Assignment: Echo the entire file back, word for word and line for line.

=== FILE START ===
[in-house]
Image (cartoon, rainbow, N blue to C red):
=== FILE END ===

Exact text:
[in-house]
Image (cartoon, rainbow, N blue to C red):